“Since hunger is the most primitive and permanent of human wants, men always want to eat, but since their wish not to be a mere animal is also profound, they have always attended with special care to the manners which conceal the fact that at the table we are animals feeding.” - John Erskine

11 November 2011

Olive Garden shrimp caprese

Yes, we do eat vegetables with our meals (usually) but I was in a hurry to get the picture taken.  No, really.  Would I lie?  Ok, ok.  Do the tomatoes and basil count?
I was cooking dinner when my husband walked in and asked, “What’s for dinner?”  You may or may not be aware that this question inevitably sends me into an irrational rage, so I held my tongue.  He then said, “Is it really that hard?”  So I said, “Shrimp caprese.  Does that tell you anything?”  Nope.  He had no idea what shrimp caprese was, and probably still doesn’t, even though he liked it a lot.  (Meaning, if I ask him now if he’d like some shrimp caprese he would probably ask me what the heck is that.)  I managed to diffuse my frustration with a distracted snort of humor and got back to cooking.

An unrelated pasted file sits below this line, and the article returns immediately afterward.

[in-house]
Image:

Why shrimp caprese?  One, we love pasta at our house.  (Have you figured that out yet?)  Two, I was craving Red Lobster’s salmon New Orleans ~ which I discovered when we went there for my celebratory birthday meal, that they don’t make any more (yeah, happy birthday to me) ~ and while searching to see if there was a recipe for it online I stumbled upon found this awesome blog, CopyKat Recipes.  Needless to say I wasted spent a lot of time checking out all the awesome recipes there and decided that I would give this one a try.

Olive Garden Shrimp Caprese
serves 8
source: copykat.com
3 pounds roma tomatoes, cored and cut into 1” pieces
30 medium fresh basil leaves, stems removed, and cut into 1” pieces
¼ cup extra-virgin olive oil
3 tablespoons minced garlic
2 teaspoons Italian seasoning
salt to taste
4 tablespoons butter
1 cup white wine
3 cups heavy cream
2 cups Parmesan cheese, grated
2 pounds capellini (angel-hair) pasta, cooked according to package directions
3 cups shredded mozzarella cheese